A 50s-80s game allegedly attributed to IbmCorporation. Story may or may not be true.
IBM had more levels of management than any other company. They'd send a salesman to cold-call a secretary in your office. The secretary would say, "no thank you, we use <some other vendor>".
The IBM salesman returned to speak to his manager, who called up the secretary's boss. "You know that secretary of yours just isn't on the ball", they'd say. "No," said the boss, "we just decided not to use your stuff. Too expensive and our engineers hate you."
The IBM manager spoke to his boss who repeated the cycle at his level. Eventually the VP of your company is asked out to the golf club by an old school chum who pushes a similar net worth at IBM. "You know," says the school chum, "the word around the industry is that your DP department stinks. They're using some very non-standard stuff. Do they meet all their deadlines for you like they should? Why don't you use a couple of our consultants; I can send them around for free. Great guys, they'll straighten the whole thing out for you ..."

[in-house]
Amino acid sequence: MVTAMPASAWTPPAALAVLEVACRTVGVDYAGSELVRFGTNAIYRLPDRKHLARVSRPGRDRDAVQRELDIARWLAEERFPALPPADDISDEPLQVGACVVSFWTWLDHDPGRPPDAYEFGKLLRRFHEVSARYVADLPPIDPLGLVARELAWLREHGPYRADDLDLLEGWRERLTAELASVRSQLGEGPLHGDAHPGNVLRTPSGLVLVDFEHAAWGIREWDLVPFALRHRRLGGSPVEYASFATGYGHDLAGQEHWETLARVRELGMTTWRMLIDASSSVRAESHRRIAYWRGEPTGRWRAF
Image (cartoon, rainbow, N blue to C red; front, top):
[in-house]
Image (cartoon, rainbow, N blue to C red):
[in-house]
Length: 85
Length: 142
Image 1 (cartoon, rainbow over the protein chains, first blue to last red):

Management restructuring and staff cuts follow swiftly.
What ticks me off is they never give us underlings a chance to tell OUR side of the story, but rather just make unilateral decisions. It's true we may be biased toward job projection, but at least we have an experienced perspective on the details of approaches. Further, the sales people are biased also. Let each side battle it out in the open. They'll say, "your Foo doesn't do X". And then we'll come back and say, "with the difference in money you charge we could add X, plus your Bar doesn't do Y because Y is unique to our company."Buttering them up at the golf course works, and the bigwigs don't want to have to think about the details of tradeoffs because it hurts their tiny head such that they are susceptible to smooth BS.CategoryStory